One of the more impressive things about Pharo/Squeak is the level of depth in the core libraries, and how those libraries build upon each other to create larger, complex structures. One need only look at the Collection hierarchy for an example of this, where myriad collection types are supported in a deep hierarchy that allows for powerful language constructs like:

aCollection select: aPredicateBlock thenCollect: aMappingBlock


to work across essentially every type of collection available. Unfortunately, building these large software constructs can have negative consequences when one attempts to analyze performance or complexity, and in this post I’ll outline one particular case that bit me a few weeks back.

My problems all started while I was still experimenting with Magma. Magma, as you may or may not recall (depending on if you’ve read anything else I’ve posted… which you probably haven’t) is a pure-Smalltalk object-oriented database whose end goal is to provide the Smalltalk world with a free, powerful, transparent object store.

Now, among Magma’s features is a powerful set of collections, which implement the aforementioned collection protocols, while also providing a much-needed feature: querying. In order to make use of this facility, any column that you wish to generate queries over must have an index defined over it, which is really a glorified hash table on the column1. Whenever you create one of these indexes on a collection, the index itself is squirreled away in a file on disk alongside the database. And that’s where the problems come in.

In my application, a Go game repository, I had a fairly large number of collections sitting around holding references to Game objects (one per individual user, plus one per Go player), and I needed to be able to query each of these collections across a number of features (not the least of which, the tags applied to each game). That meant potentially many thousands of indexes in the system, at least2. And that meant thousands of files on disk for each of those indexes.

Well, when I first hit the site, I found something rather peculiar: initially accessing an individual collection took a very long time. On the order of a few seconds, at least. Naturally this dismayed me, and so I started profiling the code, in order to pin down the performance issues. And I was, frankly, a little shocked at the outcome.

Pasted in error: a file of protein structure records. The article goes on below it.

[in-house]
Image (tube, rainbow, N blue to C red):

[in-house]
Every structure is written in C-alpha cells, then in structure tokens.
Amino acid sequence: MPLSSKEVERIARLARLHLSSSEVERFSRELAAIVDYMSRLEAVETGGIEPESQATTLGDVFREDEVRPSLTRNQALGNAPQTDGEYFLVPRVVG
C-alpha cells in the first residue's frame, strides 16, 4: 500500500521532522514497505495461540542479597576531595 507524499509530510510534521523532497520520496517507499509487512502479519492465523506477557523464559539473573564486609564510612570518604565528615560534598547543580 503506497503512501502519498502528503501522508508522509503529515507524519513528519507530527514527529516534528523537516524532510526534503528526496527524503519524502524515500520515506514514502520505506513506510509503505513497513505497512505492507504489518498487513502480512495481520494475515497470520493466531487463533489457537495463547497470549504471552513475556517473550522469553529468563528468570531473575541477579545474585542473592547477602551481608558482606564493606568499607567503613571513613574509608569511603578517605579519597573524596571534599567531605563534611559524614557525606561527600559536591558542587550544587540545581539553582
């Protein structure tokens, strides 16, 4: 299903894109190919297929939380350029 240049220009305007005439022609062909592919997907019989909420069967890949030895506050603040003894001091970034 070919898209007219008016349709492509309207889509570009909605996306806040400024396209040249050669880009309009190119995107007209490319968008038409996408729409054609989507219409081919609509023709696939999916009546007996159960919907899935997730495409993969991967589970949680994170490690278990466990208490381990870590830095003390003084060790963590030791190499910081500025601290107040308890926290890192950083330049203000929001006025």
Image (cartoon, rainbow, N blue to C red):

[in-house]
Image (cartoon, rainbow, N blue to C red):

It turns out that, deep in the bowels of the Magma index code, Magma makes use of the FileDirectory class to find the index file name for the index itself. Makes sense so far, right? As part of that, it uses some features of the FileDirectory class to identify files with a specific naming convention. And that code reads the entire directory, in order to identify the desired files.

On the face of it, this should be fine.

However, internally, that code does a bunch of work to translate those file names from Unicode to internal Squeak character/strings. And it turns out that little bit of code isn’t exactly snappy. Multiply that by thousands of files, and voila, you get horrible performance.

So believe it or not, the index performance issues had nothing to do with Magma. It was all due to inefficiencies deep in the bowels of Squeak. And hence the subject of this article. Deep abstraction and code reuse is a very good thing, don’t get me wrong. But any time you build up what I think of as a “cathedral” of code, it’s possible for rotting foundations to bite you later.

1. That, by itself, is a rather onerous requirement, but that’s really a separate issue

2. Granted, in retrospect, there may have been a better way to design the DB, but for a very small scale application, this approach sufficed